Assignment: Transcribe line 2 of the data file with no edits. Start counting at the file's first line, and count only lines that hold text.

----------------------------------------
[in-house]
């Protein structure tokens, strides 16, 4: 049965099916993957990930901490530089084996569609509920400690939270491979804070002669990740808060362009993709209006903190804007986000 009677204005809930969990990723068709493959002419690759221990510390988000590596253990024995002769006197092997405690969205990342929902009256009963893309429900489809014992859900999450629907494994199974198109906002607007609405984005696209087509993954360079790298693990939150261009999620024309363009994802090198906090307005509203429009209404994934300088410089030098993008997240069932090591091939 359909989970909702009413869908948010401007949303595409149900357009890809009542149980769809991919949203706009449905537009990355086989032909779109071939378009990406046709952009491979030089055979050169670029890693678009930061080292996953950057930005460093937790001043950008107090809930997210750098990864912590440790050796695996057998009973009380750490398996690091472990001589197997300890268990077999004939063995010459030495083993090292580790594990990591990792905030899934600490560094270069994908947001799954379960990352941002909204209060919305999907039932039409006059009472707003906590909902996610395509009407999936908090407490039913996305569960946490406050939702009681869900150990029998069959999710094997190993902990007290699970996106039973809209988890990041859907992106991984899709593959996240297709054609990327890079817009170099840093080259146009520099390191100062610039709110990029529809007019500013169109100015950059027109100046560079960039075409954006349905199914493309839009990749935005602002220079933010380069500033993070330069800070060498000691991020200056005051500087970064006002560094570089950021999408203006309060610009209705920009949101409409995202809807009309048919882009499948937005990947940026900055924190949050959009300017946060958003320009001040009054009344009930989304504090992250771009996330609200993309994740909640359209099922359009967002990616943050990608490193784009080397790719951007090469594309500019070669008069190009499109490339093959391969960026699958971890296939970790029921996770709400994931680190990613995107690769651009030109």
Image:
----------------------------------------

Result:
């Protein structure tokens, strides 16, 4: 049965099916993957990930901490530089084996569609509920400690939270491979804070002669990740808060362009993709209006903190804007986000 009677204005809930969990990723068709493959002419690759221990510390988000590596253990024995002769006197092997405690969205990342929902009256009963893309429900489809014992859900999450629907494994199974198109906002607007609405984005696209087509993954360079790298693990939150261009999620024309363009994802090198906090307005509203429009209404994934300088410089030098993008997240069932090591091939 359909989970909702009413869908948010401007949303595409149900357009890809009542149980769809991919949203706009449905537009990355086989032909779109071939378009990406046709952009491979030089055979050169670029890693678009930061080292996953950057930005460093937790001043950008107090809930997210750098990864912590440790050796695996057998009973009380750490398996690091472990001589197997300890268990077999004939063995010459030495083993090292580790594990990591990792905030899934600490560094270069994908947001799954379960990352941002909204209060919305999907039932039409006059009472707003906590909902996610395509009407999936908090407490039913996305569960946490406050939702009681869900150990029998069959999710094997190993902990007290699970996106039973809209988890990041859907992106991984899709593959996240297709054609990327890079817009170099840093080259146009520099390191100062610039709110990029529809007019500013169109100015950059027109100046560079960039075409954006349905199914493309839009990749935005602002220079933010380069500033993070330069800070060498000691991020200056005051500087970064006002560094570089950021999408203006309060610009209705920009949101409409995202809807009309048919882009499948937005990947940026900055924190949050959009300017946060958003320009001040009054009344009930989304504090992250771009996330609200993309994740909640359209099922359009967002990616943050990608490193784009080397790719951007090469594309500019070669008069190009499109490339093959391969960026699958971890296939970790029921996770709400994931680190990613995107690769651009030109």